By Kipp Rix
Starting the end of August/beginning of September, a magical event happens in the Southwest: The aroma of freshly fire-roasted long green chile fills the air and people like myself rush to the local vendors to purchase their annual supply to be cleaned and frozen for future use in green chile stews, enchiladas, and other dishes. This recipe combines the flavors of several of my favorite meals into one: fresh roasted green chile, rib eye steak, bacon, and shrimp.
Ingredients (Serves 4)
4 large size rib eye steaks cut to ¼ inch thick
16 slices thick cut black pepper bacon
1 large sweet onion
1 package sliced portabella mushrooms
12 fresh roasted long green chiles (heat level to your liking)
16 large cleaned shrimp
4 yellow crook neck squash
salt and pepper
Dice up 8 slices of the bacon and cook to crisp in a pan; remove bacon to drain.
- In the bacon grease, sauté the garlic and onion until caramelized.
- Remove excess grease from the pan and combine crisp bacon, onion, and the mushrooms and cook until the mushrooms are tender.
- Remove from the heat and set aside.
- Lay the steaks out and salt and pepper both sides; top steaks with 3 green chiles.
- Divide the bacon, mushroom, and onion mixture evenly between the steaks and top that with 4 shrimp.
- Roll the steak up, wrap 2 pieces of bacon around each steak, roll, and hold in place with toothpicks.
- Grill the steaks on a medium-high heat, turning often to allow the bacon to crisp as the steak cooks to a medium/medium well. Ensure that toothpicks are removed prior to serving.
- Slice the yellow squash in half; lightly coat with olive oil, salt, and pepper.
- Grill the squash alongside the steaks, cooking to fork tender.
Fresh fire roasted green chile: If you cannot find it in your area, visit www.chilemonster.com; you can order and have it shipped to you. You can fresh roast your own chile, if you locate long green chile or Poblano chile in your supermarket, place them on the open flame of you cooktop or outdoor grill. Turn the peppers until the skin on all sides is blackened and burnt. Place the peppers immediately into a paper or heavy duty plastic bag, seal the bag, and allow peppers to rest and steam for 20-30 minutes; run peppers under cool water and the remaining skin should peel off easy. Pull the stem end off and rinse out the seeds. Chiles can be frozen and will store well for 8-10 months.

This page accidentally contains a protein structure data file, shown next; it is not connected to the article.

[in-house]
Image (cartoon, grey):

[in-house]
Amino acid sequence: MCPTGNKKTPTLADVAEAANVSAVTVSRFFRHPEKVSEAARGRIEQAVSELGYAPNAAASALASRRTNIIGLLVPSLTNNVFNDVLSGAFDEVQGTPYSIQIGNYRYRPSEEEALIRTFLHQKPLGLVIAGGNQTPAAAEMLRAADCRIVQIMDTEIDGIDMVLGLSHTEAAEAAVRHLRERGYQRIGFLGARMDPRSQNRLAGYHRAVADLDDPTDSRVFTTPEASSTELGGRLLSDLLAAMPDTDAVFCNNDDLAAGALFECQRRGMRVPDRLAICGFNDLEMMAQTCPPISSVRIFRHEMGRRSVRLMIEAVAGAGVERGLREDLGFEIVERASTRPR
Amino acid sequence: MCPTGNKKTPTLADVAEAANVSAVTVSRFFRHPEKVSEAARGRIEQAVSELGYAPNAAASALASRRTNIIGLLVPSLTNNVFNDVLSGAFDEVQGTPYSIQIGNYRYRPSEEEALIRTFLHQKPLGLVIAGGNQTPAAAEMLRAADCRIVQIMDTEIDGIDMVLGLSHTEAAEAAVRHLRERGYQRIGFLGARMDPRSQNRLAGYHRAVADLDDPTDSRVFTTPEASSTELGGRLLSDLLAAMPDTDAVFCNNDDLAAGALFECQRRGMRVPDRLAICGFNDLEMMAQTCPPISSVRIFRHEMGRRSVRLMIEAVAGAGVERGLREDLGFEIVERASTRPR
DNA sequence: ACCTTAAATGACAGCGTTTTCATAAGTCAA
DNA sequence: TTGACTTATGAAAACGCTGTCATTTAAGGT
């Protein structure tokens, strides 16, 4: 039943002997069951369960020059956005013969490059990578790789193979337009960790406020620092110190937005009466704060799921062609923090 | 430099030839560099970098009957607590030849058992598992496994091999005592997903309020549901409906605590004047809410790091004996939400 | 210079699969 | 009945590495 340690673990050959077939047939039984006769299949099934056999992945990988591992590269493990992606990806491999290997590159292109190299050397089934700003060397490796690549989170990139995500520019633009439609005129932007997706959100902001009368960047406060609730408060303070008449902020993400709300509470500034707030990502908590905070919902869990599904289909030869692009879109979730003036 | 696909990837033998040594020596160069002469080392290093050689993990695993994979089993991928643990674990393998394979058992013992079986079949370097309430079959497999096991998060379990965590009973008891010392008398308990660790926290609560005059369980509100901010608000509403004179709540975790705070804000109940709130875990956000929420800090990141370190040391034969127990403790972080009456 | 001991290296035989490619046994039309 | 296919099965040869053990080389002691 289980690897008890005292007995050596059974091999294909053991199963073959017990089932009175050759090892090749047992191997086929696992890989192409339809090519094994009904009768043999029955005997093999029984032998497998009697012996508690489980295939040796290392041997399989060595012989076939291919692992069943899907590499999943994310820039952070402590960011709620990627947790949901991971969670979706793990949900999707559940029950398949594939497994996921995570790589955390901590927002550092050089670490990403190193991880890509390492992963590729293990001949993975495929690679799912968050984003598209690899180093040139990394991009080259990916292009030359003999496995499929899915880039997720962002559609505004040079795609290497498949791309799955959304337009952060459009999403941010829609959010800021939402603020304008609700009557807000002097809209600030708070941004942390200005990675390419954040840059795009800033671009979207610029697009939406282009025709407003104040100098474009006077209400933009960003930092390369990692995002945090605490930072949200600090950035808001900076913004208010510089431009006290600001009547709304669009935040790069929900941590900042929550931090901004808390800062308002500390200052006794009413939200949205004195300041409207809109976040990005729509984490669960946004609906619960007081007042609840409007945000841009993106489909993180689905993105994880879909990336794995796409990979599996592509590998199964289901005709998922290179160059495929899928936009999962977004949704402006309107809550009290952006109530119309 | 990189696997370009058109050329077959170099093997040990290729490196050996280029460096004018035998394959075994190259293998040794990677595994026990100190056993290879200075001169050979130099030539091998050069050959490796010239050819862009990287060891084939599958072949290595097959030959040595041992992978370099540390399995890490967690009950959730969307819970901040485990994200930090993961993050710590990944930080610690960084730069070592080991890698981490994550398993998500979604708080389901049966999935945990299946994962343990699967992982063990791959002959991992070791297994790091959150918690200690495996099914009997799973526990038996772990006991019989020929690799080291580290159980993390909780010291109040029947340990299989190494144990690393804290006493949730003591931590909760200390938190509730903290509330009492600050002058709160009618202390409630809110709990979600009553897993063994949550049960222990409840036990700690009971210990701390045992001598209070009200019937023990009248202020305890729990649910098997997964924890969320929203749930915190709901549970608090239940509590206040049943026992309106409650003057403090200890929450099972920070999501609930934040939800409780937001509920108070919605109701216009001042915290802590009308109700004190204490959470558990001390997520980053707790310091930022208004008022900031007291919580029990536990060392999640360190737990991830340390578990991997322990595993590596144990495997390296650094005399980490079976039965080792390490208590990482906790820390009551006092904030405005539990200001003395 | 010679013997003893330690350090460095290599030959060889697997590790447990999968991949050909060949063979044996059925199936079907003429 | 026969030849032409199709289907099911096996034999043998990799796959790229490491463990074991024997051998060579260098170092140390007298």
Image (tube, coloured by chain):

Kipp Rix has been in the fire service for 19 years working as both a career and volunteer fire fighter in New Mexico. Kipp started cooking at the age of 10 and learned his early skills watching shows like the Galloping Gourmet and Julia Child. Throughout the years, Kipp refined his skills with a focus on grilling foods with a southwestern flair. In 2009 Fire House Publications, LLC released the first of Kipp’s two cook books with the second book released in 2011; a portion of the proceeds from the books helps fund Fire Kids. Kipp’s philosophy of fire house cooking is “Just because you work in a busy house does not mean that you have to settle for ordinary cooking, a crew’s attitude is directly related to the meals served!” Each of Kipp’s recipes has been Fire House tested and approved. Please email email@example.com with a crew picture enjoying this recipe along with your review; each month one entry will be selected to receive a signed copy of one of my cook books. In 2013 Kipp founded Fire Kids, an organization that works with New Mexico children’s agencies and other organizations like the Make A Wish Foundation, of New Mexico to identify children facing a life altering or terminal illness; working with local municipal agencies and fire departments Fire Kids affords these children an opportunity to live the life of a fire fighter for a day. Complete information can be found on our Fire Kids web page.